XML has the unfortunate side effect of being bulky. While bulk is good for the large intestine, its pretty much useless in computing. Which is why I devised SEXML. That's Simple Elemental XML. This is how it was derived: First, we get rid of attributes. What good are attributes for? They can easily be replaced by elements:
<order qty="12" price="13.5" brokerage="15%">
can be rewritten as:
Next, we get rid of the irritating double tags. We accomplish this by turning <qty>12</qty> into qty<12>. The XML above becomes:
To avoid confusion between XML and SEXML, and to enable embedding one in the other, lets replace <> with something else, say {} and while we are at it, put them on just one line:
Perhaps we should separate the items with a comma, in case there are empty elements:
There we go. If we had used parantheses, it would look too much like lisp and scare people off. Of course, you would put everything on one line only for use in URLs and the like.

The above has the same informational content of the XML above, but is much more compact and simpler to parse.

"But wait!" I hear screams. "What about schemas? What about the XML header? Character encoding? Entities?"

Nothing prevents you from using a schema. After all, it only describes structure and type information, not whether you use braces or angle brackets. Your schema just wont mention any attributes. As an exercise, try writing a schema for the above in SEXML.

As for the header, I dont see why you cant SEXML it up.

sexml {
 version{1.0}, encoding{utf-8},
Entities such as &lt; can live as is.

I believe CDATA is quite unnecessary for SEXML and in fact, seems to be rarely used in XML. If you believe otherwise, please enlighten me.

Since the original reason the comment in xml became the unweildy <!-- --> to maintain compatibility with HTML, we can break it here to use C++ style comments. (Do you really need 4 chars to start a comment?)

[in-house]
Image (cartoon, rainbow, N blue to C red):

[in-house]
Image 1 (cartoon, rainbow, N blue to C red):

Lets see what it looks like with parantheses:

sexml (
 version(1.0), encoding(utf-8),
 order (

Guess the Lisp folks were right. Everything is a list of lists.

Tuesday, February 01, 2005

Assembling a home theatre PC

I've wanted to build an AMD-64 for some time and I finally got started with the following parts. All items were located on Pricewatch. For some items, I did not automatically choose the cheapest vendor if the vendor had less than best ratings.

The general plan is to have a media box such as this.

ItemPrice (w/. shipping)QtyAmount
AMD Athlon 64 939 3500+ $262.701$262.70
Asus A8N SLI skt939$194.001 $194.00
Ahanix D4 $229.58 1 $229.58
Zalman CNPS7000B-CU Cooler $52.00 1 $52.00
Samsung PC3200 512MB $82.00 2 $164.00
HITACHI 250GB SATA $120.00 2 $240.00
Hauppage WinPVR-250 $128.00 1 $128.00
PCI express eVGA 6600 256MB $129.00 1 $129.00
Arctic Silver 5$6.00 1 $6.00

In addition, I bought some Everclear 95% grain alcohol from a liquor store for cleaning the computer parts. (Never use anything other than pure grain alcohol!)

In general, stores where shipping is free tend to ship via snail mail, so when looking at the price, factor that in.

Most items were packed perfectly. I was impressed with the packing of the hard drives and the Ahanix case. Other items were packaged adequately. The only exception was the Zalman cooler, which had some copper cooling blades bent because they did not seal the box. Copper is a soft metal and bends easily. the fan also looked very slightly scuffed. I straightened out the fins of the Zalman carefully. Then I verified that the fan ran silently and decided not to ask for an exchange.